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Covered California and Obamacare related questions from consumers, employers and agents are answered by Phil Daigle with the best information available at the time. Archived entries may no longer be accurate as the Covered California and Obamacare knowledge-base is evolving quickly. TO REQUEST A PERSONAL RESPONSE INCLUDE EMAIL ADDRESS.

What If My Income Changes After I Get a Subsidy?

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Question: My income is very low right now as I am only able to find part-time work. I hope that will change sometimes but i don’t know when. How can I keep from owing them money at end of the year?

Answer: You can avoid advance tax credit repayments by reporting income changes as soon as possible. the government figures if no families report income changes during a single year, 38% of those receiving subsidies would owe the government a median of $857 each. If families report income changes in a timely manner, only 23% would owe money to the government and those that do would pay a median of $343 each.


Dear Anonymous … this is the reason why the health insurance deduction belongs back on the Schedule C where it used to be instead of the Form 1040 where it currently is. In 2013, it makes no difference on which form the premium deduction is taken, although theoretically, it provides a slightly greater benefit on Form 1040 for income tax purposes, and in reality it provides a different (better?) benefit on the Schedule C when calculating Self-Employment taxes on Form SE.

If the health insurance premium deduction is returned to the Schedule C, then the deduction can occur only once, will calculate into the MAGI only once, and will result in only one Premium Tax Credit. The IRS will undoubtedly realize this conundrum and resolve it before 2015.

But because no one knows how the 2014 Tax Return will be organized for at least 10 months, it is pure speculation to discuss the dog-chasing-its-tail scenario today. It has no genuine implication for the true 2014 premium tax credits.

At this point in time, you are only asked to “estimate” your 2014 income, obtain your advance premium tax credits if eligible, and life goes on until January 2015 when it’s time to file your 2014 tax return.

Obviously, as a self-employed person, you will have no real idea of what your 2014 income is until close to the end of 2014. If you underestimated your income on the CoveredCA application, then you will have to “give back” some of the unearned credit. The problem with that is today, the only announced mechanism for the “clawback” is through confiscation of one’s tax refund. Unless a self-employed person is making quarterly (or more frequent) tax deposits which could result in a refund, there is probably no refund to confiscate.

This whole mechanism has been goofed up from the get-go. For example, “Use 2012 income as the basis for 2014 premium tax credits” … how stupid is that advice?

Self-employed persons who are eligible for premium tax credits should voluntarily take only about 80% of what CoveredCA calculates as the available credit (you can also adjust that amount up or down at any time throughout the year). At tax filing time, any unused credits are refundable, even if a taxpayer has no tax liability, so it’s not a matter of use it or lose it.

You don’t have to take any of it in advance.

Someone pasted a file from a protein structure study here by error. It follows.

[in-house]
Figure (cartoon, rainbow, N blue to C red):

My understanding is that there is a paradox for self-employed people in that you use your portion of the premium to figure your AGI, but then your AGI determines your portion of the premium — and so it is a circular reference. In our case, estimating 2014 self-employed AGI, the AGI before taking a self-employed health insurance deduction is $25,106. The unsubsidized portion of the yearly premium for an AGI of $25,106, for the plan we want, is $2448 — everything I read online indicates that the law still allows this $2448 to be put in as the self-employed health insurance deduction. But that then lowers the AGI to $22,658 — which then makes our portion of the yearly premium $1536 — which then raises the AGI to $23,570 — which then puts us back into the bracket where the yearly premium is $2448 — which then lowers the AGI …. on and on. Do you have any insight on this? What are good options here for estimating 2014 AGI to determine our premiums? How is this paradox supposed to be solved?

Consumers are required to self-report income changes to Covered California within 30 calendar days from the date of change.

Applicants who are eligible for the advanced premium tax credit (“APTC”) can choose to forgo a percentage of the monthly credit (as Max Herr notes) if he/she anticipates a higher income in year 2014 thereby resulting in an APTC repayment when filing taxes in 2015.

I suggest adding lines 37 and 8b on your current tax form 1040 and estimating what that number will be for year 2014 when evaluating whether to accept the APTC.

When completing the application for health insurance through the exchange, the consumer signs an acknowledgment that he/she WILL REPORT any change in income to the exchange. Changes in income may have a significant impact on the tax credit at year end.

Forgoing the credit is a valid recommendation, but not necessarily the best one. If income goes up, the advance tax credit needs to be reduced or eliminated. But if income goes down, the credit can be increased.

The bigger problem is that no one will really know how much tax credit they are entitled to until tax time in 2015. There could be huge tax bills imposed on persons who never should have received a credit, and on others who received too much in the way of credits.

I don’t blame anyone who thinks this is confusing. It is.

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